Employment legislation has been a popular topic for the Delaware General Assembly in recent months. Here are two recently proposed legislation that Delaware employers should keep an eye on. Continue reading
So-called “ban-the-box” initiatives, which limit employers’ inquiries into an applicant’s criminal history, have been adopted by several cities and municipalities. Philadelphia adopted such a law in the Spring of 2011. The City of Wilmington joined the ban-the-box bandwagon in Fall 2012, when then-Mayor Baker signed an executive order that removed a question about criminal convictions from job applications. But that executive order applied only to applicants seeking work with the City of Wilmington. Other Delaware employers have not been subject to these restrictions.
Delaware’s Mini-COBRA law, enacted in May 2012, allows qualified individuals who work for employers with fewer than 20 employees to continue their coverage at their own cost, for up to 9 months after termination of coverage. Continue reading
Delaware extended employment rights to volunteer firefighters and other first responders who must miss work due to emergencies or injuries sustained while providing volunteer rescue services. Continue reading
Last week was a busy one at the Governor’s office, where Governor Jerry Brown signed into law no less than three new laws with a pro-labor, pro-employee theme. The first two laws were a package deal, making California is the first State to enact legislation that prohibits employers and educators from requesting employees’ and students’ social-networking passwords. Gov. Brown announced that he’d signed the twin bills into law via a Twitter post on Thursday.
California is the second State after Delaware to prohibit universities and colleges from requiring students to turn over their passwords to their social-networking accounts. It is the third State, following Maryland and Illinois, to enact similar legislation providing these privacy protections to employees and applicants. And similar legislation is pending in several States. New Jersey’s version of the Facebook-privacy law was released by a Senate committee at the end of September.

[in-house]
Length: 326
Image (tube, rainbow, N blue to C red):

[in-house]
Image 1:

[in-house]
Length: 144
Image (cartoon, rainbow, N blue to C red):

The day after Gov. Brown signed the bills into law, he signed a third bill, which declared May to be Labor History Month. What, you ask, does this actually mean? Well, it means that school districts in the State will commemorate the month with educational exercises intended to teach students about the role of the labor movement in California and across the country.
The bill extends Labor History Week into a full month and moves the observation from the first week of April to the month of May. According to the Sacramento Bee, many of California’s school districts are on spring break the first week of April, and supporters of the bill said the rest of the month is busy for students because they are preparing for statewide tests.
I think it’s safe to say that last week was a good week for the pro-labor movement in California.
Delaware employers in the long-term- and community-care industries are subject to new background-check requirements. The Delaware Code as amended by S.B. 216 to establish an electronic web-based “background check center” for employment in long-term care or community settings. S.B. 216 was signed by Gov. Markell on July 5, 2012. Continue reading
Delaware’s version of the “password-privacy” laws currently pending in state legislatures across the country lives to see another day. H.B. 308, titled the “Workplace Privacy Act,” was released from Committee last month and made it to the House a few weeks ago. It’s slowly been making its way to the top of the agenda and closer to a vote by the House of Representatives. Continue reading